For those of you not in the Pacific NW, we’ve had a pretty good run of weather over the past few weeks. It pretty much feels like full-blown summer: always sunny, always warm, all trees fully foliaged. We’ve hit 80 or above the past few days and will for the next few after. Of course, “full-blown summer” doesn’t really happen until July, so while there will be more nice days ahead, there will be some crappy ones too. If anything, this nice weather is a tease.
While this weather is reminding me of all the awesome days to come, it’s also reminding me a bit of the awesome days of the past. Namely, my first summer in Portland, 2001. After living on the East Coast most of my life (with the exception of the summer in the Bay Area, where summer never really comes), I equated summer with hot and humid. But the Northwest was different: it still could get hot* but there was no humidity. The dry, pleasant days were a delight, and clear nights were great too. Gone was the eternal quest for a/c that plagues any East Coast summer, I just got on with enjoying myself.
On Friday, there was a special event at the zine/literary center that I’ve been involved with ever since I moved to Portland, the Independent Publishing Resource Center or IPRC for short. Peter Jordan was there to promote his new book about bicycling history in the most bicycling city of them all, Amsterdam. The book, In The City of Bikes, was just published by Harper Perennial.
If you’re wondering why a reading from a book about bicycles in Amsterdam is happening at the IPRC instead of, say, Velo Cult, well that’s because Peter Jordan has a long history with zines and the IPRC. In his previous States-side life, he was popularly known as Dishwasher Pete. His zine, titled simply Dishwasher, was about his journeys and adventures dishwashing back in the big bad ’90s. He attempted to wash dishes in all 50 states. While he never met that goal, Dishwasher was one of the most popular zines of all time, and his quest actually got the attention of David Letterman. Well, more specifically, Letterman’s staff, who booked him for an appearance. Of course, Pete sent his friend Jess Hilliard to stand in for him on national television…(Pete and David have since made up.)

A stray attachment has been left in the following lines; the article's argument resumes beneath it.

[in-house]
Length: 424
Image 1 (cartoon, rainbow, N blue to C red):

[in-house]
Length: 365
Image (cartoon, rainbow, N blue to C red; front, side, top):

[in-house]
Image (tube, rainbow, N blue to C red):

|Letterman with imposter Pete, the 90’s.|
Anyway! It was quite a big turnout at the IPRC and I ended up seeing a lot of people I hadn’t seen in an awful long time, years even. This was to be expected, as before Pete went off to the Netherlands he lived and had a P.O. Box** in Portland. He was a member and volunteer at the IPRC and Reading Frenzy. So he’s got a lot of friends still here. And some of these old friends were folks I used to see at the IPRC during my first few years of being in town, especially during my first summer when I spent quite a bit of time in the old cramped and hot location downtown. It felt like a walk down memory lane, catching up with some folk.
And then fireworks! Literally. Downtown at the Waterfront is the Cinco de Mayo fest, and the Friday of the fest is always fireworks. In 2001, just a month after arriving in town, I was living in apartment on SE Morrison just up the hill from the action. I remember the now familiar booming catching me off guard, but now whenever I hear those fireworks it reminds me how summer is on the way.
|The old IPRC location downtown, on its last day of being open, 29 Feb 2012.|
When I was leaving the event, I heard live music close-by, so I rode over to investigate it. Someone was having a house show a few blocks away, right next to the railroad tracks. This reminded me of my first summer in town, either walking or riding around at night, wandering, seeing what caught my eyes and ears. As a new transplant I didn’t have a lot of local friends or obligations. I worked my crappy job, spent some time at the IPRC, and then wandered around. I would come across house shows and parties and hover around the sidewalk, wondering if I should just “crash” the festivities. Of course I wasn’t ballsy enough to do so. So hovering around the outside of this show reminded me of those days. Yeah, the days of aimless wandering were good and bad (it was twee melancholy at times) but it’s hard to not romanticize it a bit. You can never go back, but it’s still good to get reminded about where you came from.
I hovered outside the show for a few minutes, listening to the music until the band stopped. Then I headed home, where my love awaited me.
*Hotter than the Bay Area, for sure. My Oakland friends were surprised how much hotter Portland was in August, especially since we’re north of them.
**During the pre-internet prevalent nineties, this was very important, especially for a traveling zinester like Pete.